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Tourism diplomacy for monetizing Indo-Nepal civilization camaraderie

by Birat Anupam - 9 April, 2024, 12:00 130 Views 0 Comment

In an extremely unusual event, Nepal’s firebrand communist Prime Minister  Puspa Kamal Dahal ‘Prachnada’ paid a religious tour to Mahakaleshwar Jyotirlinga temple of Madhya Pradesh as part of his 4-day-long official visit to India on 2 June 2023. He was heavily criticized for his religious rites at the Indian temple from his own camp of admirers. Prachanda, however, defended his temple diplomacy. Upon his arrival at Nepal’s Tribhuvan International Airport at Kathmandu, Prachanda said, ‘I am not just a communist; I am also the Prime Minister’.

This roundabout turn of Nepal’s communist Prime Minister has both political and diplomatic undertones. Politically, it is the public display of his inclination towards 81 percent Hindus of Nepal which he desperately needs to elevate his 32-seater third position party in Nepal’s lower house of parliament in the upcoming elections. Diplomatically, he has used this journey as an effort to cement his in-person bond with Indian PM Narendra Modi, who has visited Nepal’s major religious destinations in his five visits namely PashupatinathMuktinathLumbini and Janaki temple, among others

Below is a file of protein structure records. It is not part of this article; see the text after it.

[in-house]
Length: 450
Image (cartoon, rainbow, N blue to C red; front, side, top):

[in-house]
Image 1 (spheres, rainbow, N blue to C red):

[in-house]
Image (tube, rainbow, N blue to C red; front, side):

The widely accepted axiom to describe Indo-Nepal ties is ‘Roti/Beti’ relations. Roti which translates as bread and Beti as daughter, this axiom carries two countries’ people-to-people level relations from food culture to marital inter-linkage. This term comes true with other nations also. For example, Nepal has now Roti/Beti relations even with its sky neighbours like the USA and the UK as there is the rapid growth of the Nepalese expats population. They are settled there.

Elevating the Roti/Beti axiom to the next level, speakers of the three-day international conference in Sudurpaschim Province of Nepal stressed giving more priority to civilization than to the Roti/Beti term in April 2023. The conference titled ‘Manaskhanda: Inevitability of Integrity for International Civilizational and Cultural Connectivity Between Nepal and India’ was held from April 15 to 17 at the initiation of Sudurpaschim University in collaboration with Kumau University, Rishihood University, among others. Speakers included Dr. Arju Rana Deuba, five-time first lady and also the leader and Member of Parliament representing Nepali Congress, Dr. Vijay Chauthaiwale, Foreign Department Head of BJP, Indian Ambassador to Nepal Navin Shrivastava, and many other Nepalese and Indian scholars. All of them talked at length about the Manaskhanda circuit and civilization that binds Nepal’s Sudurpaschim Province and India’s Uttakakhanda state’s Kumau and other adjoining areas.

Just three days after the concluding ceremony of the provincial-level Manaskhanda conference, there was the Global Buddhist Summit in New Delhi. Even in the Global Buddhist Summit of April 20 to 21, Indian PM Narendra Modi talked about Indo-Nepal civilizational ties in terms of Buddhism. Modi said Nepal and India have developed a Buddhist Circuit. He also talked about the construction of the India International Center for Buddhist Culture and Heritage at Nepal’s Lumbini, the birthplace of Lord Buddha.